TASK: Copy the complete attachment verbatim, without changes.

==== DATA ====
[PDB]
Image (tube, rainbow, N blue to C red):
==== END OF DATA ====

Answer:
[PDB]
Image (tube, rainbow, N blue to C red):